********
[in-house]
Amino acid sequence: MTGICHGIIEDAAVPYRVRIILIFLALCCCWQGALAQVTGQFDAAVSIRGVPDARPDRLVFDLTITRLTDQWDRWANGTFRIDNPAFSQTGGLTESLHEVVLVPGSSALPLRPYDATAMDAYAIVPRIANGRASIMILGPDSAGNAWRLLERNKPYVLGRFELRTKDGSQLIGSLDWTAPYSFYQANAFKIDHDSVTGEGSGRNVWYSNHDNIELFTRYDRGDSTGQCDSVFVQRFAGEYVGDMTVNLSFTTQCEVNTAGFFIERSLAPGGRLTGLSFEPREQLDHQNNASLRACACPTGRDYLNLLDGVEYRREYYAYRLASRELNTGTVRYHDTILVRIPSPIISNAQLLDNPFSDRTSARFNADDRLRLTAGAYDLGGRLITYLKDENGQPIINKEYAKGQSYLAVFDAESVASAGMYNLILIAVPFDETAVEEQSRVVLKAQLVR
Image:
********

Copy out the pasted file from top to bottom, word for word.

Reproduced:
[in-house]
Amino acid sequence: MTGICHGIIEDAAVPYRVRIILIFLALCCCWQGALAQVTGQFDAAVSIRGVPDARPDRLVFDLTITRLTDQWDRWANGTFRIDNPAFSQTGGLTESLHEVVLVPGSSALPLRPYDATAMDAYAIVPRIANGRASIMILGPDSAGNAWRLLERNKPYVLGRFELRTKDGSQLIGSLDWTAPYSFYQANAFKIDHDSVTGEGSGRNVWYSNHDNIELFTRYDRGDSTGQCDSVFVQRFAGEYVGDMTVNLSFTTQCEVNTAGFFIERSLAPGGRLTGLSFEPREQLDHQNNASLRACACPTGRDYLNLLDGVEYRREYYAYRLASRELNTGTVRYHDTILVRIPSPIISNAQLLDNPFSDRTSARFNADDRLRLTAGAYDLGGRLITYLKDENGQPIINKEYAKGQSYLAVFDAESVASAGMYNLILIAVPFDETAVEEQSRVVLKAQLVR
Image: